01 May 2006

Wade Rathke Seminar - summary

Second Progressive Strategy Seminar
Wade Rathke, presenter

Progressive Strategy Studies Project
Commonwealth Institute, Cambridge, MA USA
12 October 2005

For the Second Progressive Strategy Seminar organized by the Progressive Strategy Studies Project Wade Rathke shared his views on the challenges facing the development and implementation of a progressive strategy. Wade Rathke is the founder and Chief Organizer of ACORN (Association of Community Organizations for Reform Now) and SEIU (Service Employees International Union) Local 100, AFL-CIO.

Rathke addressed several major issues, including ACORN's direction, the critical challenges facing the progressive community (especially questions concerning method and resources), majority unionism and how it relates to ACORN's attempt to organize Wal-Mart, and the impact of Katrina on all of these aspects.

The core of Rathke's presentation and the discussion focused on the relationship between resources, organization and power. In the first part of his presentation, he contrasted the explosive growth of ACORN with the decline of most unions and the general crisis of the labor movement. Most unions continue to lose members at the same time as members' demands far outstrip organizational resources. From the very beginning, he emphasized what he sees as the core problem of the progressive community: A relative lack of power due to declining resources and hence organizational capacities.

In explaining the growth of ACORN, Rathke revealed himself as a pragmatic organizer. Speaking from his 35 years as an organizer, he emphasized that organizers essentially try out different methods and eventually go with the one(s) that works best. In his case, he focuses on increasing the number of dues-paying members and maintaining them in the organization as long as possible. All the different techniques for recruiting and maintaining members are geared towards achieving this overriding goal. The power of an organization in this sense is a function of the number of members and the amount of resources they contribute by paying their dues. The advantage of this quantitative approach is that it is measurable, and Rathke insisted how important it is to 'count heads', and at all times meticulously keep track of the quantitative development of the organization. He repeatedly emphasized the need to develop effective and scalable strategies based on 'majority unionism' that can be replicated in different organizations and contexts.

The success of an organization in this model thus depends on the number of its members, which determines its ability to achieve its objectives, which in turn motivates new members to join and old members to stay. Nothing succeeds like success.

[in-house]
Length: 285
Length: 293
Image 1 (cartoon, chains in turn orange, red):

[Comment: One of the major challenges facing many progressive organizations is declining membership and there is a critical question of how to recruit new members and maintain old members. As the discussion confirmed, this is one challenge to which progressives urgently need to learn to respond more effectively.]

In the second part of his presentation, he briefly described the great difficulties ACORN faces in organizing Wal-Mart, but also its tremendous and exciting potential - if successful - given the size and importance of Wal-Mart. Confronted with the business model on which Wal-Mart is based, traditional methods of union organizing are likely to be ineffective, and the challenge consists in beginning to organize Wal-Mart employees around issues outside of a traditional union context. ACORN is still exploring ways of exerting pressure outside of a collective bargaining regime. The particularly hostile environment at Wal-Mart requires thinking about new ways of responding to workers' interests and needs, such as lowering dues and developing new and more flexible forms of organizational membership. The minimum goal of the attempt to organize Wal-Mart should be to force the company to establish a fairer business model. At best, it will send a powerful message to the tens of millions of unorganized employees in other service sectors and create new momentum in attempts to organize them.

At the end of his presentation, while showing a number of slides illustrating the devastating impact of Katrina on ACORN's office and operations in New Orleans, he underlined the obligation and opportunity Katrina presents to move questions of race and class to the center stage of all progressive efforts, and emphasized its potential for developing a more effective national progressive strategy.


Beyond describing the immediate efforts of ACORN to become involved in the reconstruction of New Orleans, he had relatively little to say as to how this strategy might be pursued. Nevertheless, he concluded that there can be no effective progressive strategy without a vibrant labor movement.

In general, drawing upon his extensive operational experience, Rathke focused more on tactics and operations than strategy. It may be the case that for long-term organizers effective tactics tend to determine strategic priorities. This highlights the need to learn more about the relationship between tactics and strategy in general, and about how successful tactics sometimes drive and limit strategies.]

To conclude, what emerged from the presentation and discussion as the core challenge facing progressive strategy is the relative lack of power of the progressive community due to scarce and in many cases decreasing resources that significantly limit the capacities of existing organizations and the formation of new and stronger organizations. While this is hardly a new insight, its importance can hardly be overestimated, especially when it is identified by a successful long-time organizer and leader of one of the fastest growing progressive organizations in the country.

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